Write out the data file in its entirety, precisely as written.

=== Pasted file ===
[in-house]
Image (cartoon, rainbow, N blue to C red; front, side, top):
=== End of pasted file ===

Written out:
[in-house]
Image (cartoon, rainbow, N blue to C red; front, side, top):